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PLoS One. 2012;7(3):e33510. doi: 10.1371/journal.pone.0033510. Epub 2012 Mar 23.

Blueberry husks and probiotics attenuate colorectal inflammation and oncogenesis, and liver injuries in rats exposed to cycling DSS-treatment.

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  • 1Food Hygiene, Division of Applied Nutrition and Food Chemistry, Lund University, Lund, Sweden. asa.hakansson@appliednutrition.lth.se

Abstract

Long-term colonic inflammation promotes carcinogenesis and histological abnormalities of the liver, and colorectal tumours frequently arise in a background of dysplasia, a precursor of adenomas. Altered colonic microbiota with an increased proportion of bacteria with pro-inflammatory characteristics, have been implicated in neoplastic progression. The composition of the microbiota can be modified by dietary components such as probiotics, polyphenols and dietary fibres. In the present study, the influence of probiotics in combination with blueberry husks on colorectal carcinogenesis and subsequent liver damage was evaluated.Colorectal tumours were induced in rats by cyclic treatment with dextran sulphate sodium (DSS). Blueberry husks and a mixture of three probiotic strains (Bifidobacterium infantis DSM 15159, Lactobacillus gasseri, DSM 16737 and Lactobacillus plantarum DSM 15313) supplemented a basic diet fortified with oats. The condition of the rats was monitored using a disease activity index (DAI). A qualitative and quantitative histological judgement was performed on segments of distal colon and rectum and the caudate lobe of the liver. The formation of short-chain fatty acids, bacterial translocation, the inflammatory reaction and viable count of lactobacilli and Enterobaceriaceae were addressed.Blueberry husks with or without probiotics significantly decreased DAI, and significantly reduced the number of colonic ulcers and dysplastic lesions. With a decreased proportion of blueberry husk in the diet, the probiotic supplement was needed to achieve a significant decrease in numbers of dysplastic lesions. Probiotics decreased faecal viable count of Enterobacteriaceae and increased that of lactobacilli. Blueberry husks with or without probiotics lowered the proportion of butyric acid in distal colon, and decreased the haptoglobin levels. Probiotics mitigated hepatic injuries by decreasing parenchymal infiltration and the incidence of stasis and translocation. The results demonstrate a dietary option for use of blueberry husks and probiotics to delay colonic carcinogenesis and hepatic injuries in the rat model.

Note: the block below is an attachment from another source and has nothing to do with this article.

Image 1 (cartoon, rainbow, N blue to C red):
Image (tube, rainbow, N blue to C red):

PMID:
22457771
[PubMed - indexed for MEDLINE]
PMCID:
PMC3311639
Free PMC Article

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